AUSTIN — He is the face we see on the University of Texas football field. He is a revered symbol of strength and a representative of the Austin campus.

But Bevo may become even more beloved for helping humans.

This is a story KVUE first reported in early October. A big medical breakthrough courtesy of Bevo XIV, UT's famous mascot that died in 2015. It turns out what killed him may help cure a deadly disease plaguing millions of people.

Legendary Austin musician Ray Benson’s ties to longhorns

Feeding time is music to the ears of a man who has spent his life making music.

“We got them about two years ago,” said Ray Benson.

The legendary Austin musician only recently became a rancher.

“I figure I didn't go to UT, but I'm a big Longhorn fan, so I better get some longhorns,” he said.

The gentle giants hold a key to a very familiar disease for Benson.

A group of UT researchers recently studied bovine leukemia, a rare infection in cattle. The same disease that killed Bevo XIV, UT's former mascot.

John and Betty Baker have owned the last three Bevos -- Bevo XIII, Bevo XIV and current Bevo XV.

PHOTOS: Bevo, the making of a Longhorns mascot

How former Longhorn mascot Bevo XIV died and what his death revealed for those with Hepatitis C

At 11 years old, Bevo XIV was diagnosed with bovine leukemia.

“It went pretty fast,” said Betty Baker.

Her husband and co-caretaker agrees.

“In two weeks time he appeared to go from a-okay to zero,” said John Baker.

He died in the middle of the football season three years ago.

Researchers discovered the bovine leukemia virus Bevo XIV had contains a protein -- the same protein humans naturally produce that helps them fight Hepatitis C. The protein almost acts like a shield against Hepatitis C in humans.

“Our particular discovery helps understand how the virus takes over the cells and makes them grow,” said Chris Sullivan, associate professor at UT.

VIDEO: What Longhorn mascot Bevo XIV's death revealed for those with Hepatitis C

This discovery may mean better treatment and, better yet, perhaps even a possible vaccine.

“This protein actually attacks the virus,” said Dr. Rodney Kincaid, Ph.D. post doctoral fellow, who headed up the research. “Currently in the United States, more people die from Hep C than from HIV, the virus that causes AIDS. There could be drugs derived from our study that could contribute to more people getting treatment and cured.”

Seeing Bevo XIV go was difficult for Betty and John Baker. But this research gives them hope that his passing helps others.

“To think that it (Bevo XIV’s death) could help somebody on the human side of it,” Betty Baker said.

“I think it's neat,” John Baker said.

How UT Austin’s research could help millions of Americans living with Hepatitis C

The discovery could lead to better drugs. That means easier, cheaper treatment for the 3.5 million Americans like Benson, who lived with Hepatitis C for years.

“I did not realize how sick my liver was,” said Austin musician Benson.

Digestive problems masked Benson’s signs of liver disease.

“I had had it since the 1970s. I had gotten it from a tattoo at 12th and Lamar and the two guys I was with passed away of liver failure,” he said.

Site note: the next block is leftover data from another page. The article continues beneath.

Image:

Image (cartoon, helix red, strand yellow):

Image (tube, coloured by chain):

One in 30 baby boomers is believed to be living with Hepatitis C.

Blood was not tested for the disease until the 1990s. So anyone who received blood transfusions before 1992 or who used intravenous drugs are at greatest risk.

The disease can lead to liver failure and even cancer.

But it is curable.

Doctors recommend anyone born before 1965 be tested for Hepatitis C.

"People will feel fatigued, muscle aches, body aches, may feel nauseous, jaundice, clay-colored stool, a general sense of not being well," said Dr. Fida Khan, M.D., an internist and Infectious Disease Specialist with Seton Williamson. "In 25-percent of the cases, people's bodies fight it off. In 75 percent of the cases, they develop chronic Hepatitis C, which ultimately can lead to liver disease even cancer and death."

Clean living and modern medicine helped cure Benson, but treatment was expensive.

“This would be great if they could come up with something as effective or better and perhaps less expensive,” he said.

A surprising discovery at a University where medical research is thriving, especially since the medical school opened.

“That's the nature of medical research these days. They do incredible work and you never know where it's going to come from,” said Benson. “Way to go Bevo.”

This research could lead to advances in other viruses too.

“Our bodies try to naturally defend ourselves from viruses and we need to understand how they do that,” said Dr. Kincaid. “Because that gives us insights into how to develop therapies.”

The research is proof that what starts here -- at UT -- really does change the world.

This is just some of the research unfolding at UT.

“This is the argument for why you fund science. It led to insights that could help humans,” said Sullivan. “This is why you come to UT Austin. We had junior scientists -- Dr. Kincaid trained in our lab -- and then stuck around afterwards doing real-world science. UT is not just a powerhouse for athletics, but a powerhouse of academics, where you can do real-world research as part of your undergraduate training.”

This is only part of the Bevo story. Tuesday at 10 p.m., see what it's like to be family to the most famous college mascot in the country.

RELATED:

Aspiring mechanical engineers at UT Austin creating robots for the present and future

UT Austin ranks in top 50 for best colleges in U.S., report says

University of Texas at Austin professors creating new way to preserve our water

UT Austin engineering students researching how to fix your fast-dying battery

'Supercomputer,' among most powerful in world, coming to University of Texas at Austin